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Business Etiquette in the 21st Century

At some point, we have all come across people with poor manners or etiquette � you know the ones that say the inappropriate things or make jokes at inappropriate times. Whatever the particular circumstances, such distasteful behavior receives a rather universal response from those who witness it, and people consequently try to avoid exhibiting such behaviors while in public.
The realm of business etiquette, however, is not quite as simple. Certainly, it does not take a genius to understand that making a crude joke or speaking at an inappropriate time are all unacceptable in a professional environment, but the finer nuances of professional etiquette remain far more complicated, and far less absolute. While crude jokes will always be considered improper, the acceptable modes of communication (and consequent formality of language) are constantly changing, and the guidelines of professional etiquette are consequently evolving.
In the following, we will look at some of the most important factors in exhibiting proper etiquette around the office in the 21st century.
i.) Be respectful and courteous - while some things have changed, others haven't, and it remains extremely important to always be respectful and courteous to coworkers. When you have a meeting, be considerate of the attendees, and make good use of the scheduled time. That means having a previously set agenda, and providing each of the participants' with ample notice of the meeting's objectives, the topics being discussed, and the meeting's duration. This allows them to adequately prepare, and assure that nobody's time is being wasted.
In addition, always say 'please' and 'thank you,' and make an effort to acknowledge the contribution of others; few things are more frustrating than the feeling of being unnoticed, and taken for granted.
ii.) Avoid ambiguity in e-mails - this follows from the above rule, and the fact that you should always be considerate of the time of others. In the subject line of your e-mail, avoid ambiguous phrases like "Hello" or "Just one thing," and be as specific as possible. If your e-mail is simply asking your coworker if they would like to play squash after work, the subject should be "Squash after work."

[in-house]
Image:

In addition, do not use the term "urgent" unless it truly is urgent, and never type in all capital letters.
iii.) Avoid the overuse of acronyms - while some might feel they're building a rapport with coworkers by using casual, informal language, the fact is that using acronyms such as "lol" (laughing out loud) or "ttyl" (talk to you later) makes you appear unprofessional and slightly immature. Certainly, there are many who would not be bothered by the use of abbreviations like "lol," but for the sake of those who would be, be consistent and simply avoid the "lol's" altogether.
There are, of course, exceptions - "asap," for example, is a perfectly acceptable acronym for the workplace.
iv.) Avoid sending incessant text-messages - as has already been discussed, you should always respect the time of others, and sending incessant text messages can be a terrible distraction. Keep text messaging in the workplace to a minimum, and always keep messages brief, and to-the-point. (And the acronym rules do apply to text messaging as well.)
v.) Do not use social networking sites to vent about your job or your coworkers - while this should be an obvious rule, stories of employees getting fired because of their actions on Facebook and Twitter remain quite common. Just remember that once put on the internet, your words are forever in the public domain. If you need to vent, talk with your partner, or pick up the telephone and call someone. No good ever comes out of online venting.

Written By Andrea Gressman

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